Skirting the old-boy network, updated
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It has been a thrilling week for Boston’s business image. The city won General Electric’s heart by packaging itself as a New Age city of agile startups (although promising tax credits and infrastructure plums worth $145 million didn’t hurt either).
Then again, we also learned that reinvention goes only so far.
What's supposedly the most powerful business group in town — the Massachusetts Competitive Partnership — looks a lot like not-so-dear Olde Boston. As revealed by the Globe's Jon Chesto, it comprises 14 white male CEOS, whose ages range from early-50s to mid-70s. GE chief executive Jeffrey R. Immelt, 59, will feel right at home with this crowd.
Abigail Johnson — the CEO of Fidelity Investments and granddaughter of the company's founder — is the only woman with a seat at this select table. There is no person of color.
The makeup of this elite group will likely stay this way if "small businesses and entrepreneurs don't have a seat," said Pam McDermott, founder of McDermott Ventures, a consulting firm that represents CEOs and business owners.
She's right. Way back in a 1993 business column, I noted that as long as the ticket to entry to an elite business group is a title like "CEO," it works against women, because there aren't enough of us in those top spots. More than two decades later, there still aren't.
In that long-ago column, I quoted Ellen Lutch Bender, then director of health care strategies at a Boston law firm, who mused: "What is it about our culture that allows women to be viewed as smart, competent, and a percentage of some ratio when it comes to representation — but keeps us at arm's length when it comes to power and status?"
Looping back this week to ask if she had seen the photo spread of men who represent the "Partnership," Bender, now president and CEO of her own health care advisory firm, replied, "I did see it, and it's stunning. So how has Boston changed, exactly?"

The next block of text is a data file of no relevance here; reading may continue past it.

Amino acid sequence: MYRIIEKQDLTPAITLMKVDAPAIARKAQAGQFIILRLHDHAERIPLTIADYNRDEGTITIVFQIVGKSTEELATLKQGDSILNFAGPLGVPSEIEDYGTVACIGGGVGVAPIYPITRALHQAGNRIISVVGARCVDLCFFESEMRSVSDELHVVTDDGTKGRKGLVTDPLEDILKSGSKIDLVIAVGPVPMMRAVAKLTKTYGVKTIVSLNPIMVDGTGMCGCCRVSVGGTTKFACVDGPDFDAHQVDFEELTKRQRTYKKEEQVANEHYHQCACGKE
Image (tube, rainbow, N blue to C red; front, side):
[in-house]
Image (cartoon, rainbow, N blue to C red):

It has — a little. For example, women CEOs head three major Boston hospitals, and the president of Harvard is a woman.
Boston's political face has also gotten slightly more diverse.
Deval Patrick, the first black governor of Massachusetts, served two terms. Governor Charlie Baker, who succeeded him, chose a woman to run with him as lieutenant governor and has named a cadre of women to top policy spots. Elizabeth Warren, the first woman to represent Massachusetts in the Senate, is a national phenomenon. Two other women now represent Massachusetts in Congress. The new president of the Boston City Council is a woman and the first Asian-American to hold that position.
But in the corporate world — including the newspaper world — the status quo prevails. Why?
"Because they don't have to be responsive the way the political establishment must be," said Nancy Gertner, a retired federal judge and Harvard Law professor. "Fortune 500 companies, big law firms, they all have substantial glass ceilings. Political glass ceilings are more permeable because they have to be more responsive to public pressure."
GE was supposedly attracted to the youth and energy of the Seaport Innovation District. "We want to be at the center of an ecosystem that shares our aspirations," declared Immelt.
Too bad so many key players in Boston's official corporate ecosystem are still baby-boomers or older white guys.
The Partnership's two nonprofit representatives are men: David Torchiana, 61, CEO of Partners HealthCare, a network of Harvard-affiliated hospitals and physician groups; and Roger Crandall, 51, CEO at MassMutual but also vice chair of Boston 2024, the organizing committee behind the now abandoned effort to bring a summer Olympics here. There's also room for New England Patriots owner Robert Kraft, 74, and for John Fish, 55, who owns a construction company.
A nationwide search for the next head of the Greater Boston Chamber of Commerce led to James Rooney, 57. He was replaced as head of the Boston Convention and Exhibition Center by David Gibbons, 66.
The message from the Globe photo spread of men who run the Partnership jumped across the generations. "My phone has been ringing off the hook. My e-mail box is full," said Jesse Mermell, 36, executive director of the Alliance for Business Leadership, which represents the city's young, progressive business constituency. "Professional young women look at that picture and roll their eyes, quite frankly."
I'm not sure what will change the view — maybe a nudge from Baker or Boston Mayor Marty Walsh? — but I do know it will take more than eye-rolling.